However, Woody challenges the notion that the industry is an attractive buy to every investor. “We don’t know how many have looked at the space and said, ‘It’s not for me,’” he says. “When private equity investors take a closer look and see the relatively low barrier of entry, the commoditization of industry products, the threat of being disintermediated, large advertisers buying directly out of China and margins that are challenged, they may conclude it’s easier to make money somewhere else.”
Charts provided by Michael Woody as published in IMA Media Report.
What Will Consolidation Mean To The Industry?
Woody remains a skeptic about true consolidation happening at all in the promotional products industry citing the definition of an industry that’s ripe for consolidation as one with relatively high barriers to entry, differentiated products, well-established brands and high profit margins. “None of that describes the traditional promotional products marketplace,” he says. “Margins are stressed, products are commoditized and barriers to entry are low. I’ve been tracking supplier and distributor consolidation since 1991 [see charts] and it’s clear that if we define consolidation as most industries do, there has been virtually no consolidation on the distributor side and only moderate consolidation on the supplier side.”
True to its definition, if consolidation is happening, it’s likely to create mega companies and together with the efficiencies borne by the collaboration of talent and systems, will result in companies poised to do a sufficient job of servicing their core business. However, the potential lack of competition could hinder aggressive pricing to distributors.
Nonetheless, AIA’s Woods sees the trend as positive leading to stronger companies that are more equipped to compete, and because there will be fewer companies, they are likely to be more competitive and able to innovate. “Companies that can remain flexible and able to adapt to end buyer needs will continue to do well—especially distributors with creative approaches and strong use of technology and supplier companies with innovative, new products,” he says.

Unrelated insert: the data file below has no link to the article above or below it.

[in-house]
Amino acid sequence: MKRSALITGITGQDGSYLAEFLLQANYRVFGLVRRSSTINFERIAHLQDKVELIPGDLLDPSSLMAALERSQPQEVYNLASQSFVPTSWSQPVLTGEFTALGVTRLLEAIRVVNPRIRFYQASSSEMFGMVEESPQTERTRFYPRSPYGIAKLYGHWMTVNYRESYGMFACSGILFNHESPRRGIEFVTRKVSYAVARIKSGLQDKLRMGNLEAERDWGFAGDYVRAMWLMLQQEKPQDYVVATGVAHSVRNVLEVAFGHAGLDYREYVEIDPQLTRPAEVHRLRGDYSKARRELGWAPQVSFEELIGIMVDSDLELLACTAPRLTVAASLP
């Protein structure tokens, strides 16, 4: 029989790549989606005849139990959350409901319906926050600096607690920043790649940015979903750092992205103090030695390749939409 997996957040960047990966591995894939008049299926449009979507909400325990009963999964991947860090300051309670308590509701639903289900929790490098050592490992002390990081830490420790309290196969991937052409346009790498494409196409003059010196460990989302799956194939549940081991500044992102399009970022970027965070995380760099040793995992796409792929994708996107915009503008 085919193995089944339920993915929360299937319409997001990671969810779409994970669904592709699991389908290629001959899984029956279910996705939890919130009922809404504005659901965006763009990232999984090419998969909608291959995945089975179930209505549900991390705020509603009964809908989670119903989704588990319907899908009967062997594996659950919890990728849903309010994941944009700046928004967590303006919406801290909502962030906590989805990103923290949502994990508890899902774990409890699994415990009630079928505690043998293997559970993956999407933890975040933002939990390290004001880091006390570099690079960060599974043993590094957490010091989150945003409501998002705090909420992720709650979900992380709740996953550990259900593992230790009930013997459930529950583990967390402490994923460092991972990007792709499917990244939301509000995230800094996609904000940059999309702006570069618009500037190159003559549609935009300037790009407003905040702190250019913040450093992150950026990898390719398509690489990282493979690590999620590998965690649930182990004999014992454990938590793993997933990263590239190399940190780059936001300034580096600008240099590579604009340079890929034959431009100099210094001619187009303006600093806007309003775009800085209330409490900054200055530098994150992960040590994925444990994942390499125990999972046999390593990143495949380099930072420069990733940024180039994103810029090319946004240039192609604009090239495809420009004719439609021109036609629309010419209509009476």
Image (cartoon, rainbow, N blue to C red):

Brand Addition’s Fandos thinks consolidation will actually help the industry from a product safety point of view. “It will mean a smaller number of suppliers will have the ability to drive more margin because of fewer competitors, and they will be looking to cut their costs.” Whether good or bad, another result, he adds, is that those companies will likely lose their traditional family feel and become more corporate in structure and culture. As a result, “They will also be more financially driven, not emotionally driven,” he adds. “It’s probably good for large end user clients but I’m not sure if it’s good for our industry. But we are a mature industry and we’ve got to find efficiencies. Size is often the best way to do that.”
While most industry experts predict that continued aggregation of supplier companies, in particular, will lead to the big getting bigger, some believe there will also be a very important place for small companies in the industry’s future. Graham, for one, is optimistic about that future industry landscape because of the opportunities it affords not only to small suppliers but to distributors. “We’re going to see an emergence of longer-tail-type suppliers—smaller, innovative companies who come to the market and get attention with innovative products that bigger suppliers are not interested in because they don’t match their business model, are too risky or don’t meet the requirements of their inventory or spend. So they ignore them. That’s where the market almost corrects itself,” he says.